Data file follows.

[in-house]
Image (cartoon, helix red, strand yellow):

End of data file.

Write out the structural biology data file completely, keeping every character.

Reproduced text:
[in-house]
Image (cartoon, helix red, strand yellow):